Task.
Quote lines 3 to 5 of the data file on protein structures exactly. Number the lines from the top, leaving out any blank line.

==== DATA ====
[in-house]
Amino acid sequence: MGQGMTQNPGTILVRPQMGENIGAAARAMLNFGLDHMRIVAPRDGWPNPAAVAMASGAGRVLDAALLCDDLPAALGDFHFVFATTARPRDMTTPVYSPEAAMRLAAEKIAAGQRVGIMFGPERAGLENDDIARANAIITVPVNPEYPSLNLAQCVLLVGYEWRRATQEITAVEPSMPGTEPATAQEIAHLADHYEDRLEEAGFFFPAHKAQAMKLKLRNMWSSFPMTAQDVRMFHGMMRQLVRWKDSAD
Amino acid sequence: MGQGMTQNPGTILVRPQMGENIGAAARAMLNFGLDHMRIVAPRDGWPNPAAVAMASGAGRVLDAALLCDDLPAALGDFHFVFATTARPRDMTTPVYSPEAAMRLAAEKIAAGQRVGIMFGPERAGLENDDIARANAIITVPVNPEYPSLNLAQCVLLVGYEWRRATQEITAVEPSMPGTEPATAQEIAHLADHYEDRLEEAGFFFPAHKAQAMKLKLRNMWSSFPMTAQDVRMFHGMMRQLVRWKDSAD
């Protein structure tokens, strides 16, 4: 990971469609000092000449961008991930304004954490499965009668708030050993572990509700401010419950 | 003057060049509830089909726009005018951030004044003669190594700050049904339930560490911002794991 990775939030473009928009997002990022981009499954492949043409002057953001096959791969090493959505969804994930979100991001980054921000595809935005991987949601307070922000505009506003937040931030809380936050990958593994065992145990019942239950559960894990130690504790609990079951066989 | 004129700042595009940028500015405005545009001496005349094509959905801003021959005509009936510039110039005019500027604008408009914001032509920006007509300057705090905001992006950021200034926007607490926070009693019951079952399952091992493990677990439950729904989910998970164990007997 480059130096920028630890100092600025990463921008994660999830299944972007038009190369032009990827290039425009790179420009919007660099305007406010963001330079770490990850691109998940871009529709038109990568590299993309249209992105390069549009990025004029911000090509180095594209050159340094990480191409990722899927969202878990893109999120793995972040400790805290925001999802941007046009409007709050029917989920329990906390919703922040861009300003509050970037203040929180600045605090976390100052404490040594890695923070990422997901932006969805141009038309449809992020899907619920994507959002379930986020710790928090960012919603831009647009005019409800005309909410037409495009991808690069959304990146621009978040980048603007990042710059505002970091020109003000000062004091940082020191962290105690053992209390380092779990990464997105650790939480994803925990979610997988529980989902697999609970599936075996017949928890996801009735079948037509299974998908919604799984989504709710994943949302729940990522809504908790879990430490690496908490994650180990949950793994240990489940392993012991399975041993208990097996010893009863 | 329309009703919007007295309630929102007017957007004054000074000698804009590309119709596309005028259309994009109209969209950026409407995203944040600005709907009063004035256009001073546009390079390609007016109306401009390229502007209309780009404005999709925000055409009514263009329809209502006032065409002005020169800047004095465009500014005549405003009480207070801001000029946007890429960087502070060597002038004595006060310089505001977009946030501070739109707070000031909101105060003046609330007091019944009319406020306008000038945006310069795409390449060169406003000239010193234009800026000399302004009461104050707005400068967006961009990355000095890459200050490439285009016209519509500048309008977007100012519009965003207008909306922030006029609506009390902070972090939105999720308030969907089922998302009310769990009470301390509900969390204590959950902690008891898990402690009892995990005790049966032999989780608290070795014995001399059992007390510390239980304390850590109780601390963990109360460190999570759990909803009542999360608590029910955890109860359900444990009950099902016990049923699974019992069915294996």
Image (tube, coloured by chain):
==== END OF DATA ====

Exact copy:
Amino acid sequence: MGQGMTQNPGTILVRPQMGENIGAAARAMLNFGLDHMRIVAPRDGWPNPAAVAMASGAGRVLDAALLCDDLPAALGDFHFVFATTARPRDMTTPVYSPEAAMRLAAEKIAAGQRVGIMFGPERAGLENDDIARANAIITVPVNPEYPSLNLAQCVLLVGYEWRRATQEITAVEPSMPGTEPATAQEIAHLADHYEDRLEEAGFFFPAHKAQAMKLKLRNMWSSFPMTAQDVRMFHGMMRQLVRWKDSAD
């Protein structure tokens, strides 16, 4: 990971469609000092000449961008991930304004954490499965009668708030050993572990509700401010419950 | 003057060049509830089909726009005018951030004044003669190594700050049904339930560490911002794991 990775939030473009928009997002990022981009499954492949043409002057953001096959791969090493959505969804994930979100991001980054921000595809935005991987949601307070922000505009506003937040931030809380936050990958593994065992145990019942239950559960894990130690504790609990079951066989 | 004129700042595009940028500015405005545009001496005349094509959905801003021959005509009936510039110039005019500027604008408009914001032509920006007509300057705090905001992006950021200034926007607490926070009693019951079952399952091992493990677990439950729904989910998970164990007997 480059130096920028630890100092600025990463921008994660999830299944972007038009190369032009990827290039425009790179420009919007660099305007406010963001330079770490990850691109998940871009529709038109990568590299993309249209992105390069549009990025004029911000090509180095594209050159340094990480191409990722899927969202878990893109999120793995972040400790805290925001999802941007046009409007709050029917989920329990906390919703922040861009300003509050970037203040929180600045605090976390100052404490040594890695923070990422997901932006969805141009038309449809992020899907619920994507959002379930986020710790928090960012919603831009647009005019409800005309909410037409495009991808690069959304990146621009978040980048603007990042710059505002970091020109003000000062004091940082020191962290105690053992209390380092779990990464997105650790939480994803925990979610997988529980989902697999609970599936075996017949928890996801009735079948037509299974998908919604799984989504709710994943949302729940990522809504908790879990430490690496908490994650180990949950793994240990489940392993012991399975041993208990097996010893009863 | 329309009703919007007295309630929102007017957007004054000074000698804009590309119709596309005028259309994009109209969209950026409407995203944040600005709907009063004035256009001073546009390079390609007016109306401009390229502007209309780009404005999709925000055409009514263009329809209502006032065409002005020169800047004095465009500014005549405003009480207070801001000029946007890429960087502070060597002038004595006060310089505001977009946030501070739109707070000031909101105060003046609330007091019944009319406020306008000038945006310069795409390449060169406003000239010193234009800026000399302004009461104050707005400068967006961009990355000095890459200050490439285009016209519509500048309008977007100012519009965003207008909306922030006029609506009390902070972090939105999720308030969907089922998302009310769990009470301390509900969390204590959950902690008891898990402690009892995990005790049966032999989780608290070795014995001399059992007390510390239980304390850590109780601390963990109360460190999570759990909803009542999360608590029910955890109860359900444990009950099902016990049923699974019992069915294996």
Image (tube, coloured by chain):